【Macro Seminar】Mundell-Fleming Open Economy Trilemma in the 21st Century – Are we heading towards a multipolar global architecture?

  • 研討會日期 : 2023-06-21
  • 時間 : 14:30
  • 主講人 : Professor Joshua Aizenman
  • 地點 : Conference Room B110
  • 演講者簡介 : Professor Joshua Aizenman received his PhD from the University of Chicago in 1981. He is currently Robert R. & Katheryn A. Dockson Chair in Economics and International Relations and Professor of International Relations and Economics at the University of Southern California. His research interests are Commercial and Financial Policies in the Open Economy, Political Economy, Development and Transition, Exchange Rate Regimes, Capital Mobility, and Macro Policies.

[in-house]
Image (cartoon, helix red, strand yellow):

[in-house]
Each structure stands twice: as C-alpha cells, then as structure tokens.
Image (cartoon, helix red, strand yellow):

• 演講摘要 : The policy Trilemma (the ability to accomplish only two policy objectives out of financial integration, exchange rate stability, and monetary autonomy) remains a valid macroeconomic framework for the 21st century. A modern incarnation of the trilemma is essential for understanding the evolving global financial architecture, and for coming up with ways to mitigate financial fragility. The scarcity of policy instruments relative to the policy goals implies complex country-specific tradeoffs between the policy goals. The financial crises of the 1990s induced Emerging markets to converge to trilemma's middle ground -- managed exchange-rate flexibility, controlled financial integration, and viable but limited monetary independence. Capital flight crises added financial stability to the trilemma's policy goals. New policies were added to deal with financial fragility associated with financial integration, including precautionary management of international reserves and sovereign wealth funds by emerging markets, swap lines among OECD's central banks, and macroeconomic prudential regulations. The trilemma trade-offs have been impacted by a country's balance sheet exposure to hard currencies, the exchange-rate regime, and the growing sensitivity to 'Risk-on, Risk-off' shocks emanating from the U.S. and the Eurozone in the aftermath of the Global Financial Crisis. Recent developments suggest a convergence to multipolar global architecture, dominated by the US, the EU/EZ, and China, three blocks of comparable global GDP shares (PPP adjustment). While the global financial architecture has been dominated by the U.S. after WWII, recent trends suggest the convergence toward a more symmetric financial configuration. The future financial architecture will be determined by geo-political trends, the depth and liquidity of sovereign euro bonds, financial crises and the quality of prudential policies, the return of the Cold War negative sum mentality, and the graduation of the selective and growing share of Emerging Markets into investible destinations facing growing external demand for their sovereign local currency bonds and equities.  We conclude with a review of recent examples of the modern incarnation of the trilemma at times of growing financial instability -- the proliferation and growing use of swap lines during the past twenty years as a mechanism of sovereign debt 'evergreening,' and the heterogeneity of emerging markets’ adjustment to the present monetary tightening cycle.